Funk fans started each Chuck Brown concert with a chant, "Wind me up, Chuck."
From there they would be treated to guitar riffs, driving percussion and other rhythm instruments that left them dancing to the beat.
Brown, who died Wednesday at 75, was the "Godfather of Go-Go," a genre blending funk, jazz and soul and other musical forms.
"Go-Go," 40 years after its founding, remains especially popular in its hometown of Washington, D.C.
"The groove and vibe he created was unparalleled," said manager Tom Goldfogle. "All of his performances were a journey with the audience."
Brown engaged in a call-and-response dialogue with fans, ensuring their interaction with each set.
He last performed in early March and had been hospitalized for about four weeks.
Brown died of multiple-organ failure from sepsis at Johns Hopkins Hospital in Baltimore, Goldfogle said.
With the Soul Searchers, Brown had a big hit in the 1970s with "Bustin' Loose."
The guitarist and singer was a familiar figure on stage with his brim hat and sunglasses, creating "the beat" for dancers.
"Go-Go" referred to a sound continuing from one song to the next.
"Chuck would describe it as nonstop percussive bass music with its roots in Latin, African and funk," said Goldfogle. "He added his blues and jazz elements."
While Brown performed worldwide, his most loyal fan base was in Washington.
District of Columbia Mayor Vincent Gray, in a tweet, paid tribute to the gravel-voiced Brown. "What a loss," his message concluded.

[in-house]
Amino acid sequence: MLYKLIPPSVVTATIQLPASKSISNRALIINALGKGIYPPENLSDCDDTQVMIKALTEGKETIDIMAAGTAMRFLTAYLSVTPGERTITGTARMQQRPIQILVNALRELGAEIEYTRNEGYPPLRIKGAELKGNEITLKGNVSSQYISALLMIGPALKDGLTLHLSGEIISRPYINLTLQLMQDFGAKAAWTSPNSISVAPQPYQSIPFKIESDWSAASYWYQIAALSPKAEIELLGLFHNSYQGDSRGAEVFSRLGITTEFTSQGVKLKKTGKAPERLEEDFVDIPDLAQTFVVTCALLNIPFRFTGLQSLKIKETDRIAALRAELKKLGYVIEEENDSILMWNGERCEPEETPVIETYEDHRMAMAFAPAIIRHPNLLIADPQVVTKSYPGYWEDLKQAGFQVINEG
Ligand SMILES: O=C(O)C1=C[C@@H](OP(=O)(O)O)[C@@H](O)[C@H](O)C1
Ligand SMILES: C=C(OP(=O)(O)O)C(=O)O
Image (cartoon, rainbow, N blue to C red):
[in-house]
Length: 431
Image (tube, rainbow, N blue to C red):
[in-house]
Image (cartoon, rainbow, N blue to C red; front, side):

Fans gathered Wednesday evening at the recently restored Howard Theatre in Washington to celebrate Brown's life. A local radio station played music while people danced in the street.
Brown competed with disco and later had an influence on local hip-hop artists, Goldfogle told CNN.
"They would do hip-hop songs with a 'Go-Go' feel," he said.
In 2010, Brown received his first Grammy nomination, in collaboration with Jill Scott and Marcus Miller, for "Love." A 2007 album, "We're About the Business," included the singles "Block Party" and Chuck Baby."
Brown, according to his manager, played to several generations.
"His music is loved as much by the grandmother, as the mother, or the daughter," Goldfogle said.
According to CNN affiliate WJLA, Brown had recently postponed numerous shows due to failing health.
Funeral arrangements were pending.
"His family continues to be grateful for the outpouring of love and support and requests respect for their privacy during this difficult time," Goldfogle said in a statement.
Survivors include Brown's wife, Jocelyn, sons Nekos, Wiley and Bill, and daughter Takesa.